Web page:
In defence of digital photography, I would say that it is in fact just a different medium of capture. If you apply the same care and vision that some apply to film photography then great digital images are possible. The problem is in the fact that many digital photographers rely on multiple capture and selection (the machine gun effect) which doesn’t really work. The best image capture is about understanding distance, perspective, composition, timing and much much more.
“The contemplation of things as they are, without error or confusion, without substitution or imposture, is in itself a nobler thing than a whole harvest of invention”
True, and people have bought expensive cameras and left them in "auto" for years....never quite knowing what they had. Funny, I just picked up a graflex 22 on ebay and it is totally mechanical....there is no auto anything..anyone buying it back in the day had to have some knowledge of exposure or they would have gotten totally incorrectly exposed images.
I agree on the 0.001%.Personally I have been suggesting reprints of the (All about) books from the fifties.
'We are leaving film behind as a somewhat (writer: "SNORT SNORT!" ) fond memory.' Why do they need to tell their readers this if they already shoot digital? To validate their decision to shoot digital. Which means there is still a decision. The Guardian knows it's a hot topic and the feature is aimed at the amateur sharp shooter, while trying to win over the (more serious) film dabbling readers (who are hipsters) by telling them they are unfashionable. But the thing is... it doesn't work as marketing, because the Guardian's demographic tends to be mostly art school hipsters. If their readership all start shooting digital, they won't be hipsters anymore, and in turn, will have to stop reading!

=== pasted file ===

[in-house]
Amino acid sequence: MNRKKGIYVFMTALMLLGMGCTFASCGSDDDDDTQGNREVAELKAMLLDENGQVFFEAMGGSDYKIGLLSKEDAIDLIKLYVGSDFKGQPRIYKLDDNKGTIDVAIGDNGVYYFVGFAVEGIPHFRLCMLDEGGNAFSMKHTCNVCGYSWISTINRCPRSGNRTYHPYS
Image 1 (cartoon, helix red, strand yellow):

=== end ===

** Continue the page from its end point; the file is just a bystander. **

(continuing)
Seriously, if the Guardian stuck to their guns, they would be championing film.
Last edited by batwister; 11-17-2012 at 05:50 PM. Click to view previous post history.
Around here, television stations are doing that in their news programs. You think you're seeing a news story on something and it turns out to be a "sponsored feature".
Originally Posted by Benoît99
When my TV died three years ago, I didn't replace it. I've had enough.
I do use a digital device in my photographic pursuits when necessary.
When someone rags on me for using film, I use a middle digit, upraised.
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Interestingly enough, the printed supplement has only a single advertisement, inside the back cover.
But, did they mention any brand names or retailers in the copy? There are more ways to advertise then just running ad's.
Originally Posted by pdeeh
From the Guardian:
Harsh words, but true. True in the sense of a tsunami leaving behind morsels. Morsels to be nourished by us.
The tsunami of digital technology has swept away, or is threatening to sweep away, so much that was not that long ago taken for granted: rolls of film, the film camera, dark rooms, processing labs, contact sheets, Polaroids and Kodachrome. As with recorded music and, imminently, printed matter, photography is a world in which all that once was solid is becoming immaterial.
I would sign that quotation. Now beat me up.
Originally Posted by cliveh
Come on now... that started happening in the late 1950s with motor drive Nikons several years before Nikon started making reflex cameras. The only difference now is that with digital you have a much bigger 'roll of film' to shoot.
Over here we get reports on TV news and in the papers about stupid TV programmes like the X Factor and other crap 'reality' programmes. I don't watch the actual programmes so I don't want to hear about them as news stories (which they are not).
Originally Posted by lxdude
And as it is now free 'bigger roll of film' it happens much more than when it used to cost money.
Originally Posted by Prof_Pixel
"People who say things won't work are a dime a dozen. People who figure out how to make things work are worth a fortune" - Dave Rat.